Skip to main content
Pearson+ LogoPearson+ Logo
Start typing, then use the up and down arrows to select an option from the list.


Learn the toughest concepts covered in Physics with step-by-step video tutorials and practice problems by world-class tutors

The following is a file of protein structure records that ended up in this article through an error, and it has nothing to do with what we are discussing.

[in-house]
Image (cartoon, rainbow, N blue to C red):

7. Friction, Inclines, Systems

Intro to Springs (Hooke's Law)


Intro to Springs

Play a video:
Was this helpful?